FLY FISHING A STREAM OR RIVER
When fishing streams or rivers the beginning fly fisherman needs to understand the basic needs for fish to survive. There are 3 things that trout need regardless if it is a stream, river or a lake, and they are food, shelter and oxygen. That is all pretty obvious stuff since it is the same thing that we all need but this one of the basic river fishing techniques - think like a fish.
When it comes to food there are a few ways fish get their food. Fish feed on the insect population in the water so here are things to look for. Here is where to look when river fishing for trout.
The first way is by feeding near the banks of the stream where insects could fall into the water from a tree, bush or weeds. This is one of their favorite places to feed especially when it is grasshopper season and they fall to the water and cannot get out. Look for heads rising near the banks and cast to them. If there aren’t any rising fish you should still cast towards the bank in the areas described above.
Another way that they get food is from the vegetation and rocks that are below the surface. Since the sun will penetrate a short distance below the water surface, the shallow areas of a stream may have vegetation. Bugs live here and they complete part of their life cycle below the water. Some bugs cling to the rocks until they head for the water surface and break out their wings. Shallow areas, with rocks like “riffles” are a good place to fish with nymphs.
If you look at a stream you will see the natural channels and flow that develop on the river. Because of the bends, obstructions in the water, and varied depth of the river it naturally will develop a channel or what I like to call a feeding lane. The bugs beneath and above the water will funnel into a tight range, and fishing this lane can be very successful. You can identify this lane by the foam on top of the water that appears to be in a long continuous line.
You can cast just above the foam line and let your fly drift naturally through this foam. If you are nymph fishing be sure to cast a little further past the lane since your fly will sink and come up short of the lane if you don’t. If the current is fast be sure to fish the “seams”, the area between the fastest and slow water, since fish don’t hold in a fast current for too long.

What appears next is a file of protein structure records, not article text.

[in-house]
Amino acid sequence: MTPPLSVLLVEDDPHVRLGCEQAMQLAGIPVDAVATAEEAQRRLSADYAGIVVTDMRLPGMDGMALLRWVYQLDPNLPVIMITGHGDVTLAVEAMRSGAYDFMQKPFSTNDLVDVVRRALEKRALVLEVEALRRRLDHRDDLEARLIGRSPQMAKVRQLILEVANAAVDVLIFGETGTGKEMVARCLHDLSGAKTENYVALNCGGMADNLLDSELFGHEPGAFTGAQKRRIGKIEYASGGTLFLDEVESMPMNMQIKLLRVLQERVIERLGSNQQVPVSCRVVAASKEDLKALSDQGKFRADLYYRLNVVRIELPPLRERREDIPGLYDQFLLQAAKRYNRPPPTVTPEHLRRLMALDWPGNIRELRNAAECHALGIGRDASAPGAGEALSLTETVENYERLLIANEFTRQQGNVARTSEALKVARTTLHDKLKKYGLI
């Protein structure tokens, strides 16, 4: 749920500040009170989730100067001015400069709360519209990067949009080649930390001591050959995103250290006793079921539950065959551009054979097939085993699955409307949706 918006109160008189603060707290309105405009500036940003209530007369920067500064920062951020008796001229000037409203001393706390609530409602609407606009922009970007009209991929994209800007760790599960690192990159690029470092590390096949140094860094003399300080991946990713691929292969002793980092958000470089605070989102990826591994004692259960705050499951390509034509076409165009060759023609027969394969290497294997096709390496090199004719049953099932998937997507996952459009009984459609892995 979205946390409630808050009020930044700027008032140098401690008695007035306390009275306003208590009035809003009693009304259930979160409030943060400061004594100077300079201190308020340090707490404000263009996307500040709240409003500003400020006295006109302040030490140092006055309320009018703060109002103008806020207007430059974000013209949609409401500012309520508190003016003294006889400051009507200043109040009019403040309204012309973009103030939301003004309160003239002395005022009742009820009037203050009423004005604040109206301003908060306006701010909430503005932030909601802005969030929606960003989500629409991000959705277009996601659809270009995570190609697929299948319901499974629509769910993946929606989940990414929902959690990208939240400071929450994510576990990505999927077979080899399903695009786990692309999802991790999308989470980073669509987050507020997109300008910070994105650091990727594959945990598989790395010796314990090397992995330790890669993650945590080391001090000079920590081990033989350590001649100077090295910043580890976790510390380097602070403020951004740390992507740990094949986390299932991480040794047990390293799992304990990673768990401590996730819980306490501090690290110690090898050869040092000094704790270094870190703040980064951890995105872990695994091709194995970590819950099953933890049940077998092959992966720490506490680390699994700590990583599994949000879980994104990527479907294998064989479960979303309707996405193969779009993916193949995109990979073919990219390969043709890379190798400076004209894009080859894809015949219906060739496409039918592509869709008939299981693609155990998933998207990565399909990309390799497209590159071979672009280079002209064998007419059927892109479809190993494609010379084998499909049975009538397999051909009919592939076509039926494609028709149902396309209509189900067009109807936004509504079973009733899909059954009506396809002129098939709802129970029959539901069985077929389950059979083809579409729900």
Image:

The fish must always protect themselves from other predators besides us fisherman. They have to watch out for birds and other animals that feed along the banks. Fish will look to deep water, logs, and brush and undercut banks to reduce the chance of being seen. They will also hold out in fast choppy water like riffles to keep from being seen. These are all good spots to cast a fly.
Fish are somewhat lazy. They don’t want to swim any harder than necessary to collect their oxygen or food. Currents provide both oxygen and food that fish need so they will typically dart in and out of the faster water to receive oxygen. The seams near the fast water is a good place to cast since fish will hold there and dart in and out of the current for food and oxygen.
Whenever you fly fish always keep food, cover, and current in mind and you will have a good idea where the fish will be. As you survey the river you will begin to see how these factors relate to the overall river.
For example a great place to fish is where the riffle flows into a pool, or to put it another way, where the fast water dumps into the slow water. The fast water carries the oxygen and the food to the fish and they can hold out in the slow water and wait for their meal to come to them. Always be sure to cast into the riffle and let the fly drift naturally through the pool until your line gets as far down stream as it will go and starts drifting towards the bank. Then roll cast or flip cast to repeat.
Keep an eye out for on-going hatches, if you see a lot of bugs hovering over a stretch of water the fish will be there too. They always seem to know where the food is throughout the day. See if you can figure out what they are eating, tie it on, and cast upstream of that area and let it drift through this area. The water can be fast or slow where these hatches occur, just keep looking at the water surface to see what is happening.
Behind rocks and logs or anything else in the water is another great spot. Since the water is not moving at all behind the obstruction, and the current moves faster around the obstruction you will want to try and cast so your fly drifts by as close to obstruction as possible. This will put it in the faster water and the fish will dart out of the seam to get it if it is what it wants.
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